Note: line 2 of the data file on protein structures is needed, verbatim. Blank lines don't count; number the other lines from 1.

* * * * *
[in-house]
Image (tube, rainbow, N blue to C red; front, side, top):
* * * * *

Image (tube, rainbow, N blue to C red; front, side, top):